Latest polls show sportsmen can be the deciding factor

Sportsmen and women are gearing up for a big presidential election this fall as the Republican primary battles wind down and Mitt Romney shifts his focus to taking on President Obama.  Sportsmen will play a significant role in deciding who the next president is, as well as who will control Congress.   In addition to being politically important, many of these states are also some of the biggest sportsmen’s states in the nation, meaning hunters, anglers and trappers will have a direct influence on the outcomes of these elections.

2012 Presidential Race:

Polling over the past week shows a tight race in many of the key battleground states that will decide who will get to call the White House home next January.  (For poll results, click on the link)

Colorado:  Tie

Obama 47% – Romney 47%

Florida:  Romney +1

Obama 43% – Romney 44%

Missouri: Romney +3

Obama 45% – Romney 48%

North Carolina:  Obama +4

Obama 47% – Romney 43%

Each of these races (with the exception of North Carolina) is within the margin of error for the poll meaning the races are a statistical tie.

U.S. Senate Races:

In addition to deciding the fate of the presidential election, this fall many experts believe that control of the U.S. Senate could swap hands.  Currently, Senate Democrats have control of the chamber with 56 members (and two independents that typically vote with the Democrats) vs. the Republican’s 42 seats.  Right now, many prognosticators have the race evenly split with both parties projecting to have 45 safe seats.

That leaves 10 races that will likely decide which party controls the gavel.

Those states include: Florida, Maine, Massachusetts, Missouri, Montana, Nevada, New Mexico, Ohio, Virginia and Wisconsin.

Here is where things stand with the latest polling:

Maine: King +34*

Former Gov. Angus King (I) 56% – ME Secretary of State Charlie Summers (R) 22% – Former ME Secretary of State Matt Dunlap (D) 12%

Massachusetts: Deadheat

Elizabeth Warren (D) 45% – Senator Scott Brown (R) 45%

Montana:  Rehberg +10

Congressman Denny Rehberg (R) 53% – Senator Jon Tester (D) 43%

Nevada:  Heller +11

Senator Dean Heller (R) 51% – Congresswoman Shelley Berkley (D) 40%

New Mexico: Heinrich +5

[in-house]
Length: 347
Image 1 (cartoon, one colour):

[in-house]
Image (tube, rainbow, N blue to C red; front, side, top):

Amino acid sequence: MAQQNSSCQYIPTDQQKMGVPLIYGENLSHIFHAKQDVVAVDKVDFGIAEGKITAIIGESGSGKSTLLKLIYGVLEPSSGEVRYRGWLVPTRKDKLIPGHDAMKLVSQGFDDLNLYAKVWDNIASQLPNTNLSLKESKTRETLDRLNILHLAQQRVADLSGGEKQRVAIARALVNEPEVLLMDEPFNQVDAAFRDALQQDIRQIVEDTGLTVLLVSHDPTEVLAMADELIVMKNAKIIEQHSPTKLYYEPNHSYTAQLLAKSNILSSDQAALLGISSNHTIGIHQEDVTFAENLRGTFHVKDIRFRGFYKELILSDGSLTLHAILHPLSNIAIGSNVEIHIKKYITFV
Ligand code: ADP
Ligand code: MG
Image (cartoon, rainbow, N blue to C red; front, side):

Congressman Martin Heinrich (D) 48% – Former Congresswoman Heather Wilson (R) 43%

Ohio:  Brown +3

Senator Sherrod Brown (D) 44% – Ohio State Treasurer Josh Mandel (R) 41%

Virginia: Deadheat 

Former Gov. Tim Kaine (D) 46% – Former Senator George Allen (R) 46%

Wisconsin: Thompson +4

Former Governor Tommy Thompson (R) 48% – Democratic Congresswoman Tammy Baldwin (D) 44%

(Note: Florida and Missouri’s Senate primaries have not yet taken place to determine who the Republican challenger will be in each case.)

*An interesting scenario could play out if Independent Angus King of Maine wins his race.   His choice of which party he will vote and caucus with (“caucus” means who he’ll meet/strategize with) could determine which party controls the chamber.  Right now, there are two Senate Independents – Joe Lieberman of CT and Bernard Sanders of VT – who both caucus with the Democrats.   If the toss up states break evenly for Republicans and Democrats, King could find himself as the ultimate swing vote and power player.

The Bottom Line:

It’s easy to read too much into one poll as a clear indication of what’s to come.  Instead, a poll should be viewed as a snapshot of the moment it was taken.  Regardless, it is clear sportsmen will have the opportunity to drastically change the political landscape this fall.

Sportsmen are a significant voting bloc that could easily determine many of these elections.  But in order to have our voice heard, we must get out and vote.  We must reach out to the candidate’s and let them know what we expect of them.  It’s more than just an ardent support of the 2nd Amendment.    It’s about access to our public land for hunting – such as the Sportsmen’s Heritage Act of 2012.  It’s about preventing radical animal rights extremists from dictating their views to rest of America.  It’s about Protecting What’s Right for future generations – and it starts in the voting booth this November.

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